Work on scheme by LDA Design due to start this summer

Work is finally to start on the redevelopment of Aberdeen’s Union Terrace Gardens more than 10 years after Brisac Gonzalez first won planning for an arts centre in the park.

The park has a long and toubled planning history, with that project replaced by an ambitious and expensive scheme designed by Diller Scofidio & Renfro - which was in turn ditched.

Finally LDA Design won a more modest contract in 2016 to give the gardens a facelift. A proposal for three pavilions, a walkway from Union Street, landscaping and lighting, and the refurbishment of the Union Terrace arches won planning in 2017.

Balfour Beatty was last week appointed contractor and said construction - which could take two years - would start after a final three months of detailed design.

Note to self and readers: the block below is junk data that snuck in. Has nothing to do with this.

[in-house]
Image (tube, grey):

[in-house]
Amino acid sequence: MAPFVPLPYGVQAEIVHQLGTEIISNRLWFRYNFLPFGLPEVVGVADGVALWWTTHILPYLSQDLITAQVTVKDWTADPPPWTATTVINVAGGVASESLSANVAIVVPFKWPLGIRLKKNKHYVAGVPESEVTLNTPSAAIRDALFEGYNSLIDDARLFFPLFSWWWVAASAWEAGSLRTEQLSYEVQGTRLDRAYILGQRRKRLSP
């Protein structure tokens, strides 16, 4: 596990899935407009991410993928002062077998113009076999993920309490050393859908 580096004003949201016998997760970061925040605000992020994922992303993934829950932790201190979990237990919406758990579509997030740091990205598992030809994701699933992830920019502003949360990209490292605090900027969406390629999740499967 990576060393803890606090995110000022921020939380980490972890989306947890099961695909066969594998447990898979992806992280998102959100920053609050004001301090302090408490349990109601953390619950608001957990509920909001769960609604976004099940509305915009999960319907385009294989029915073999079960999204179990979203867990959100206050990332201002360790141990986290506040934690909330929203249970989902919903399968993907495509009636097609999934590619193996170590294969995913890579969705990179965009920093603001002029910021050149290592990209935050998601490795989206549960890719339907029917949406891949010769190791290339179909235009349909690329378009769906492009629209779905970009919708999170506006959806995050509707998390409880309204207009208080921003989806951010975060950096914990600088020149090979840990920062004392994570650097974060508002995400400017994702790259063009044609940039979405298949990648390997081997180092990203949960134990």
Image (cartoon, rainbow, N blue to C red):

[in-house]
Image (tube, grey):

The first phase of work will include building a permanent safety structure on Union Bridge.

>> Also read: Has Aberdeen chosen the right design for its City Gardens?


When councillors gave the go-ahead to LDA’s project it brought to an end years of controversy that dogged the future of the Victorian sunken gardens.

Brisac Gonzalez’s £13m visual arts building for Peacock Visual Arts won planning in 2008 – but was canned a year later after local oil magnate Ian Wood stepped forward with more ambitious proposals for the city centre site.

After an international design contest featuring Foster & Partners, Gareth Hoskins, Niall McLaughlin and Mecanoo, Diller Scofidio & Renfro was appointed to create a £140m “granite web” that would have raised the gardens to street level.

The proposal sparked a huge storm among residents of the granite city, with Aberdeen-born singer Annie Lennox dubbing it “another dog’s dinner of crap concrete development, ravaging the only authentic, historical green space in the city centre”.

It was narrowly backed by the public in a referendum but eventually dropped after a knife-edge vote by the planning committee in 2012.